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Harvard University economics professor Roland G. Fryer, Jr. endured a tough childhood full of crime and dysfunction to become the youngest Black person to earn tenure at the prestigious school. Fryer was born in Daytona Beach, Fla. on June 4, 1977. His mother, Rita, was a classically trained musician and his father was once a high school math teacher.

According to Fryer, his mother abandoned him when he was 4, although a New York Times profile suggests that the father essentially took his son away. Fryer was raised in Lewisville, Texas after his mother moved to Tulsa, Okla. He spent summers in Daytona Beach with his grandmother, witnessing his older cousins and uncles engaging in selling crack cocaine.

One of those summers, he saw the family’s crack operation eradicated after a federal raid which led to convictions for his grandmother, grandfather and two cousins.Back in Lewisville, Fryer was a standout basketball and football player but was also selling drugs and committing petty crimes. However, he was able to win an athletic scholarship from the University of Texas at Arlington, but never played for the school.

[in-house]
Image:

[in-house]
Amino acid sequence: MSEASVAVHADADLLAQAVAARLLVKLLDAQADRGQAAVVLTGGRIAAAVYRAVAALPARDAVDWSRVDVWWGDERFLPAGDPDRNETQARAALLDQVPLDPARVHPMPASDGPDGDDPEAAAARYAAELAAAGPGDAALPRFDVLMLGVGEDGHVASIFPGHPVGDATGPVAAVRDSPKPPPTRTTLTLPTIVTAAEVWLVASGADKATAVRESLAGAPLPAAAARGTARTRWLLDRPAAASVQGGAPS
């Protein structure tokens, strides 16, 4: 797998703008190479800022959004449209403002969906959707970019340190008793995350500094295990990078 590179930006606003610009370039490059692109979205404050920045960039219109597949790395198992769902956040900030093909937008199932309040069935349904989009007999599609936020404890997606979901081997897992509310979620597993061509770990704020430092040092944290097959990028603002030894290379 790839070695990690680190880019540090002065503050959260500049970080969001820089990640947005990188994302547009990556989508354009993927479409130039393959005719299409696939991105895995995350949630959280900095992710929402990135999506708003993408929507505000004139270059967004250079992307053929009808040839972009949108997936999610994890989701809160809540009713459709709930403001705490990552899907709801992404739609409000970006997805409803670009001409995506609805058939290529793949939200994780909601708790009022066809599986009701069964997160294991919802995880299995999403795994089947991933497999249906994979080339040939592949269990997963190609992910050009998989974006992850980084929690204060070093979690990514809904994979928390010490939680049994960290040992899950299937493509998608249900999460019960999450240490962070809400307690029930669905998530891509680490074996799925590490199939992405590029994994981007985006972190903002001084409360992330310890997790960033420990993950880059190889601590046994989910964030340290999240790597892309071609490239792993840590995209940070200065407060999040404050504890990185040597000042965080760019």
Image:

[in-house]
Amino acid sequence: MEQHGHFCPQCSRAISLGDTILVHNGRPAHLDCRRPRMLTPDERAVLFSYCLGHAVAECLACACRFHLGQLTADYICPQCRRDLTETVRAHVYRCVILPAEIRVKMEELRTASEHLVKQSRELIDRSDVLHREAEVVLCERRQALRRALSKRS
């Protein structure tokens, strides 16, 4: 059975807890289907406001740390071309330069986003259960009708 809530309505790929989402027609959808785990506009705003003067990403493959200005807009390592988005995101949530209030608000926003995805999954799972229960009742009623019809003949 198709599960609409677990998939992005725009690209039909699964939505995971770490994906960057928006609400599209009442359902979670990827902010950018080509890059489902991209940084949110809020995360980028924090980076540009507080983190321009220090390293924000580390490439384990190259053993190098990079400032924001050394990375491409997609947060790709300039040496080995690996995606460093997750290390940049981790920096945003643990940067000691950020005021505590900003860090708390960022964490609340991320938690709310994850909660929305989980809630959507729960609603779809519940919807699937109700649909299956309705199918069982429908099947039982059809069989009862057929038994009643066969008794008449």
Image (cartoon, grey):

He joined the Honors College and won an academic scholarship, graduating in two years while maintaining a full-time job. He earned a Ph.D in Economics from Penn State in 2002. He became a member of Harvard’s faculty shortly after, joining its Society of Fellows. Although he was only able to do research work early on, his work impressed his collegiate mentors and peers.

Fryer has published works on the causes and consequences of distinctively Black names, affirmative action, the impact of the crack cocaine epidemic, and historically black colleges and universities, among other research papers.

Today, he is the Henry Lee Professor of Economics at Harvard University, a research associate at the National Bureau of Economic Research, and the founder and faculty director of the Education Innovation Laboratory at Harvard. Fryer has also won the Sloan Research Fellowship, a Faculty Early Career Development Award from the National Science Foundation, and the inaugural Alphonse Fletcher Award. In 2011, he was awarded a MacArthur “Genius Grant” as well.

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